So, you wannabe a translator
Translation and Interpreting in
As I was preparing to put my ideas in order and reflect upon what I was going to write for my essay on International Communication, I suddenly remembered the last lecture on the subject. It was about translating and interpreting, so I figured out that an essay on the translation challenges in today's world would be a great idea to write about.
I personally knew Dumitru Toncia, my sister-in-law' relative, who had worked in the field for many years, so we had a meeting in which I took some interesting notes. He is specialized in English and French.
There are a lot of definitions for International Communication, but I consider it to contain aspects of intercultural understandings, communicaton theory, intercultural communication, croscultural communication, mass communication, intercultural psychology, congnition psychology, area-study like society, culture, constitution, law, education, language etc
Proper translation and interpreting has become more and more demanding, and this paper deals with the qualities translators or interpreters should posses in the international environment today. It also outlines some grammar and semantics issues that turn this filed into a real challenge.
I hope the examples he drew from his experience in translation will give you an interesting insight into some of the most frustrating problems encountered when transferring ideas from one language to another. Taking part in the selection of candidates for translator jobs in international environments, Toncia has often been amazed by the fact that a number of candidates with a perfect knowledge of both the source and the target languages and an impressive mastery of the relevant field could be very poor translators indeed. Why is that? One of the human factors is the lack of modesty. The translator's personality and intelligence interfere with the very humble task he has to perform. Instead of putting aside his own ideas, fantasies and style to follow blindly the author's, he merges, adds or transforms. Anyway, besides humility, candidates must possess two other qualities: judgment and flexibility. Judgment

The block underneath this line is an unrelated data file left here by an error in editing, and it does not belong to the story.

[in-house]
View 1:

By judgment I mean the ability to solve a problem through wide knowledge of the field, through awareness that a problem exists and through taking into account the various levels of context. Wide knowledge of the field. Let's take the phrase to table a bill. The translator must know that if the original is in British English, it means "to submit a bill -- i.e. a text proposed to become law -- to the country's legislative body", in French "déposer un projet de loi", but that if the author followed American usage, he meant "to shelve", i.e. "to adjourn indefinitely the discussion of the text", in French "ajourner sine die l'examen du projet de loi" Here is another example. The word heure in French can mean "hour" as well as "o'clock". To be able to translate correctly the French phrase une messe de neuf heures, you have to know that a Catholic mass lasting nine hours is extremely improbable, so that the translation is "a nine o'clock mass", and not "a nine hour mass". Since the linguistic structure is exactly the same in un voyage de neuf heures, which means "a nine hour journey", only knowledge of the average duration of a mass can help the translator decide. Awareness that a problem exists. When you become a professional translator, the chief development that occurs in you during your first three or four years consists in becoming aware of problems that you had no idea could exist. If you are transferred to another organization, the whole process will start anew for a few years because the new field implies new problems that are just as hidden as in your former job. Some people may know that in the history of international communication there was an organization...
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